Since I spent most of this film drooling and sighing over the incredible costumes, this review will be short and sweet. The story is relatively simple. A young Audrey Hepburn type in the form of Rose Pamphyle (played by Deborah Francois) lives in rural Normandy with her sister and father in a small general store which has a new typewriter on display in the window. Rose waits until her Father and sister have gone to bed before trying it out for herself and over the coming weeks, teaches herself to type.
Fast forward a few months later. A Don Draper type, Romain Duris is trying, unsuccessfully to appoint a new secretary at his insurance offices in Paris. A gaggle of hopeful wannabes gathers, including Rose, who is scorned for her country style and demure ways. Duris, as Echard, begins to interview the hopefuls and during a call, discovers the Rose has a rather noisy talent for typing. Strangely enough, he hires her and invites her to work with him as a project to turn her into a typing champion. (My Fair Typist, perhaps?)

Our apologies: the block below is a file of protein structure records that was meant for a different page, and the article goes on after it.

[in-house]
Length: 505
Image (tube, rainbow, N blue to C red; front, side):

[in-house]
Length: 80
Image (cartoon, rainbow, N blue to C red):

Rose agrees and moves into Chez Louis where she gradually falls in love with him. After failing at the first regional trial for typing incorrectly, Echard sets her to work with a new typewriter and teaches her to type properly. Rose paints her nails to match the keyboard and shortly after a rather awkward confrontation with Louis, she enters the regional trials again, succeeds and makes it to the National Championships, where the former champion, a fiancee of the heir to the Japy dynasty is forced to admit defeat.
"Don't mess with me!"
Rose strides to fame as the face of Japy typewriters with the aptly named Populaire model taking centre stage.
"I love my typewriter. Really, I do!"
Louis watches on helplessly as she learns independence and refuses her love when she declares it openly. Hurt and rejected, Rose retreats to New York to compete in the World Championships where she claims victory over her American opponent, Susan Hunter. Echard rushes up on stage and the credits roll as they share a sweet kiss and bow in front of the audience.
Populaire is truly a wonderful film, and I'd recommend any vintage fan to see it!
Now please excuse me whilst I go to source a pink typewriter...